• Hit a Home Run Managing Your All-Star Team (July 23, 2019): Come join other metalcasting professionals and talk about topics that impact your organization: Assessing talent, facilitating interviewing, effective training and tracking systems, safety, performance reviews, handling office gossip and terminations. These are just some of the topics that will be discussed at the roundtable on July 23, at Miller Park in Milwaukee. The 1-day interactive roundtable includes lunch and an evening networking event at Miller Park with great seats to see the Milwaukee Brewers host the Cincinnati Reds.

  • 2019 Foundry Leadership Summit (September 2224, 2019): Join us for North America’s premier event for leaders from foundries and supplier companies at the Grand Traverse Resort and Spa in Traverse City, Michigan. The Foundry Leadership Summit features high-level speakers, industry roundtables, and presentations about issues important to metalcasting leaders, including industry innovation, public policies, and economic forecasts.

  • 2019 Safety 101 Seminar (October 67, 2019): This course is designed for people with only a few years of experience in the health and safety field, those new to the metalcasting industry, and those who have worked in a foundry for decades in foundry facilities with direct responsibility for managing safety and health.

  • 31st Environmental, Health, & Safety Conference (October 810, 2019): You can learn about cutting-edge, relevant EHS issues facing metalcasters at the 31st annual Environmental, Health, and Safety Conference. Participants will share case studies of successful EHS projects, network with peers, and meet with vendors of EHS equipment/services.

  • 2019 International Ferrous Melting Conference (October 30–November 1, 2019): The 5th International Ferrous Melting Conference is a 3-day gathering co-sponsored by the AFS Melting Methods and Materials Division. The conference will be held Oct 30–Nov. 1, 2019, in Nashville, Tennessee, USA, with over 200 attendees expected. Speakers from the foundry and related melting industries will focus of the topics of coreless melting, channel furnace melting and holding, pressure pouring, cupola melting, metallurgy, and charge materials.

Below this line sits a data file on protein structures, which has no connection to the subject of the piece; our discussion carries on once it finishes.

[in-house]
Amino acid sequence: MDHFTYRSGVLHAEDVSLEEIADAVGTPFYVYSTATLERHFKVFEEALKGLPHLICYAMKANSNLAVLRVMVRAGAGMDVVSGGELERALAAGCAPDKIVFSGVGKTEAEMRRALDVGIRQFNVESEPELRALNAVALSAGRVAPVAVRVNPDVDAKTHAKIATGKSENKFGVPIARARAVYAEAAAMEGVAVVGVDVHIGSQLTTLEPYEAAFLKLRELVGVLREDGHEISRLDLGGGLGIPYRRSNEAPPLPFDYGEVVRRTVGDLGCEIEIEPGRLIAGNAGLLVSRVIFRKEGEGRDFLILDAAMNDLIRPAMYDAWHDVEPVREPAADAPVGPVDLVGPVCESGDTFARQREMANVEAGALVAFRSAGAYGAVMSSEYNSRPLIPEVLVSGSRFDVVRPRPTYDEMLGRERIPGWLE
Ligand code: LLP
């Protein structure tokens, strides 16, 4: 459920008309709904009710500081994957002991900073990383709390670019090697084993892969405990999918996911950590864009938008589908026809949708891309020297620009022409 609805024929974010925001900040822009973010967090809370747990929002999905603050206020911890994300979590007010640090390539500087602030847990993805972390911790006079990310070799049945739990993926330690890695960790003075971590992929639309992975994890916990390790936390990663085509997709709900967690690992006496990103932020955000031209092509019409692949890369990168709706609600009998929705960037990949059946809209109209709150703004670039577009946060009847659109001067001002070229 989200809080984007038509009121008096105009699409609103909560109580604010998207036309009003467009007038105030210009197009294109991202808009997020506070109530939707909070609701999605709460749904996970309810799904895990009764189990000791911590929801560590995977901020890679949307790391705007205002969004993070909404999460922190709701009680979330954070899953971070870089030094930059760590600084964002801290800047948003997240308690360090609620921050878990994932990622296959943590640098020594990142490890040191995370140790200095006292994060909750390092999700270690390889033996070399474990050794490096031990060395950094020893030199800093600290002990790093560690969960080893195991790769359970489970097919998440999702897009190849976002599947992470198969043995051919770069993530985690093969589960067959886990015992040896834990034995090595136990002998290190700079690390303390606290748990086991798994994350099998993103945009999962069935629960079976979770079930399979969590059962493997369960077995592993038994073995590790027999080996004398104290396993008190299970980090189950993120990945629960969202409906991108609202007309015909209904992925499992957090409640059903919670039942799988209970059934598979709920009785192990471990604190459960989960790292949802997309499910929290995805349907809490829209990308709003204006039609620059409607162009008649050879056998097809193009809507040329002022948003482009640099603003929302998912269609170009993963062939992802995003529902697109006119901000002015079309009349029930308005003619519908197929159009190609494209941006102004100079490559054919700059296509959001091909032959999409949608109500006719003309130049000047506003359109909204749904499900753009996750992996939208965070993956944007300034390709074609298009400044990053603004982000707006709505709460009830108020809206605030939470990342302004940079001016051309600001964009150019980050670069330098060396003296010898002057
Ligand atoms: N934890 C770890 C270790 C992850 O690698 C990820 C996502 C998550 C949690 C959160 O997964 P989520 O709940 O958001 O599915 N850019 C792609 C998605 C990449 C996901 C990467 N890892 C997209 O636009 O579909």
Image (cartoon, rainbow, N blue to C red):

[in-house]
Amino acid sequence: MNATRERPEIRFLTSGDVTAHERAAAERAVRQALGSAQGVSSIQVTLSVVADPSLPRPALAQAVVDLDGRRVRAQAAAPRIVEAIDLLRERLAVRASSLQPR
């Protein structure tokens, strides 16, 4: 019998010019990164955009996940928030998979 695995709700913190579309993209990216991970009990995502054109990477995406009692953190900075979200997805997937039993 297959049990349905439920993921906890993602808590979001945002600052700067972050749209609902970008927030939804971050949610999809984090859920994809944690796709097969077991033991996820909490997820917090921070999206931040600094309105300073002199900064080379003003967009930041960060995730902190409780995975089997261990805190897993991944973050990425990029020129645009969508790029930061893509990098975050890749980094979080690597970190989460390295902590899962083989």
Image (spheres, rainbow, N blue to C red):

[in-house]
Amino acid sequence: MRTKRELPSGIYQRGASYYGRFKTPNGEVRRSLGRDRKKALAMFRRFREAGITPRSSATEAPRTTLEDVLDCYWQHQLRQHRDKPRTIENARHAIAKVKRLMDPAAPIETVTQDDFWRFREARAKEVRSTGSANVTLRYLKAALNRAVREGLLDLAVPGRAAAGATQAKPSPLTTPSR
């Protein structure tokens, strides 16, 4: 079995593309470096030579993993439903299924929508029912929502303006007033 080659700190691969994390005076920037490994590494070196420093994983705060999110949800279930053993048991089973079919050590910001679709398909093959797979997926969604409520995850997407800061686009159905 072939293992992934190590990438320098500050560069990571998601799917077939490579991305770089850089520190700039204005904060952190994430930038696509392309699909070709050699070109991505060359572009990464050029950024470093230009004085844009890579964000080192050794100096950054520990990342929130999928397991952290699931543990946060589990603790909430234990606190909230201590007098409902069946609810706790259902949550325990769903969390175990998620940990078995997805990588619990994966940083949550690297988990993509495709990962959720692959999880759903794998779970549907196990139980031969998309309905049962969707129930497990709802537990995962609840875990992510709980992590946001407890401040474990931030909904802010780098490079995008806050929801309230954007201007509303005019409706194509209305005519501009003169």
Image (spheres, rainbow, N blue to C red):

Web-Based Events

AFS also offers a series of technical webinars. Open to all industry personnel (offered at no-cost to AFS members), the Web-based seminars provide relevant information presented by industry experts on a wide variety of metalcasting subjects. An archive of past webinars is also available. For a full listing of upcoming and past webinars, visit the ‘events’ tab on the AFS Web site at; https://www.afsinc.org/.

Information and Registration

AFS educational events provide relevant and practical information to improve casting quality, productivity and profitability for metalcasting facilities and provide expertise in marketing and management issues. For more information, contact the AFS Technical Assistant, Kim Perna, 847/824-0181 x 246, technicalassistant@afsinc.org, or Chief Technical Services Officer, Steve Robison at 800-537-4237 x227, stever@afsinc.org. For a full listing of AFS educational opportunities, visit the ‘events’ tab on the AFS Web site at; https://www.afsinc.org/.

World Foundry Organization–A Global Resource

The World Foundry Organization founded in 1926 as the CIATF by 8 of the foundry world’s leading technical associations, to assist the industry develop and disseminate technical knowledge, is still going strong over 93 years later.